Using Priming in Marketing—Good Strategy or Manipulation?
Malcolm Gladwell, journalist and author of the bestselling book Blink: The Power of Thinking Without Thinking, observed:
What we think of as freewill is largely an illusion: much of the time, we are simply operating on automatic pilot, and the way we think and act—and how well we think and act on the spur of the moment—are a lot more susceptible to outside influences than we realize.
Ten years later, that statement is still true.
Gladwell was referring to a psychological phenomenon known as priming. As humans, our actions and decisions are often largely determined by input we do not even consciously categorize as having occurred at all. We are, for better or worse, highly susceptible to even the most subtle suggestions.
Behavioral Economics and Attribute Priming
Those in advertising and marketing know this better than most. Billions of dollars are spent in finely crafting content that leverages this human tendency to maximum effect. Behavioral economics—the study of how psychological, social, cognitive, and emotional factors affect economic decisions—indicates that attribute priming is a powerful tool for an effective marketing strategy.
What is attribute priming?
To illustrate, consider the results of a related study mentioned in a Forbes article. The designers of the study theorized that simply talking to consumers about certain attributes of a product would make those features more attractive to the consumer.
To prove their point, they approached customers in an electronics store who were looking for laptop computers. Half of the customers were asked about their memory needs, while the other half were asked about their processor-speed needs. The researchers did not recommend one product over the other. Nor did they in any way use language that would be considered as advertisement.
However, when the consumers made their purchase decisions, those who had been asked about memory needs purchased laptops with greater memory capacity than did those who were not asked about memory. Similarly, those who were asked about processor speeds purchased laptops with faster processors.
Consider a similar study, “How Attribute Quantity Influences Option Choice,” conducted by Aner Sela and Jonah Berger. The study found that the number of attributes tends to benefit certain types of options more than others and consequently has systematic effects on choice. And that it was all about pleasure. They discovered:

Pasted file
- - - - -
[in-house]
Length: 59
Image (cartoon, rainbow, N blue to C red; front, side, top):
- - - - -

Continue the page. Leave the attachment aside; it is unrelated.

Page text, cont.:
increasing attribute quantity equally across the choice set shifts choice toward hedonic options, regardless of whether the attributes are hedonic, utilitarian, or mixed in nature.
Marketing and Priming
What does this actually mean? It points to the fact that consumers can be inclined toward one product or brand over another by simply talking about an attribute of that product or brand.
Subtle cues in the environment—including pictures, text, and sound—can subconsciously affect how consumers react to a marketing message. Market strategists can use the power of priming effectively by exerting control over the media context in which their brand message is conveyed. They then ensure that persuasiveness of that message is enhanced.
Attribute priming is not simply providing information about product features to consumers or listing a series of facts and figures. It does not include listing benefits or advantages for the consumer, nor does it overtly offer suggestions as to purchase. Rather, it is a subtle influence that the consumer is largely unconscious of receiving.
It cannot be used as a blunt force marketing tool. But it can enhance a marketing message by engaging the consumer on an unconscious level and making purchase more likely.
Is Priming Just Trickery?
At worst, attribute priming is a manipulation of a consumer for a purpose that will negatively impact that consumer to purchase a product for which he/she has no need or prior desire.
At best, priming can be used as a way to painlessly ease a consumer into a purchase of a product or service that will be beneficial and useful.
It falls upon the market strategist to determine its ethical uses. Priming in marketing is not trickery. Rather, it involves a deep understanding of consumers. It speaks to their needs, desires, goals, and it integrates seamlessly with their environment.
For priming to work long-term, it must align with the core beliefs, attitudes, and perceptions of the consumer. Sending a message misaligned with the customer’s own value system will not lead to sales. Rather, it will turn consumers off. They may not be able to explain why, but they may develop a negative view of the brand.
Using Priming for Good
There are many benefits to using priming in marketing strategy. If used carefully and ethically, it can be effective in a wide range of uses. Either way, it shouldn’t be ignored as an element of strategy. While there is still much to learn about the complexities of the human psyche, marketing strategies at their best incorporate what science has revealed about the human mind.
By seeking to understand the needs, desires, and motivating forces behind consumer behavior, those who design marketing campaigns can use the knowledge learned to increase consumer engagement and satisfaction, ultimately driving sales growth and better brand recognition.
This post has been cited multiple times by academics, by professionals, and in journals. If you link to this post or cite it in your work, please shoot us a note to let us know or mention us on @816nyc if you promote it. We’d love to help you spread it far and wide—for free!